The founding of the Dimitsana Greek School in 1764 is undoubtedly the defining event of local history. This event is connected to the tendency of establishing educational centres in Greece during the second half of the 18th century; a tendency that reflected the favourable context of the European and the Greek enlightenment and the economic revival. The traders and the scholars of Dimitsana living overseas played a defining role in the School’s progress.
The founding of the school was the work of the Dimitsana-born graduate of the Smyrni school, Gerasimos Gounas, and his compatriot, Agapios Leonardos. They became monks and returned to Dimitsana in 1764. With the consent of the city’s elders and clergy they built the school building in the orchard of the church of Agia Kyriaki. Four years later they achieved a ruling by the community that teachers and students were to be considered exempt from any obligation to pay taxes; an event that strengthened the school’s educational work and raised the number of its students.
Furthermore, in 1769, the school was characterized as a patriarchal and stavropegic via a seal signed by patriarch Theodosios II. The self-governing system of the school was also defined this way, as the election of the curators was set-out by the city’s elders. The Albanian adventure forced teachers and students into a temporary retreat. However, the school’s reopening after 1779 was characterized by an impressive development. Antonios Papadopoulos or Antonopoulos, became the new defining figure of the school. Antonios was the spiritual child of Leonardos, and he also became a monk and was named Agapios. The younger Agapios succeeded Gerasimos Gounas in the running of the school and served the role of personal teacher to his students for 32 years. In addition, thanks to the efforts of Leonardos and the new principal, the school acquired thousands of books, thus creating a rich library for its students and for those from other areas.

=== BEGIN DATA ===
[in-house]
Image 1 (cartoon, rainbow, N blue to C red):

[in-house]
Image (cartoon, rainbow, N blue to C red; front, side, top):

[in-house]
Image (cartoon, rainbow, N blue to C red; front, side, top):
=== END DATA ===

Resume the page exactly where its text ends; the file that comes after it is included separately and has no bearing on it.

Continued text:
The continuous progress of the school was cut short in 1812, due to the death of Agapios Antonopoulos, who was the pillar of the school. The lack of a competent principal immediately endangered the school’s financial soundness and its high-level educational work. The solution was given in 1816 when the school merged with the stavropegic Philosophou Monastery. During that period the lead role in the administration was taken on by Germanos, archbishop of Old Patras, who was actually from Dimitsana. However, evidence seems to point to the fact that during the period of 1812-1821, the school lost its pioneering status within the educational context of the Peloponnese.
With regard to the school’s contribution to recent history we need look no further than Fotis Kontoglou’s reference during his journey through the area: ‘’Many of the young who graduated from the school spread, like the apostles, to all corners of the nation, and transmitted the light of education’’.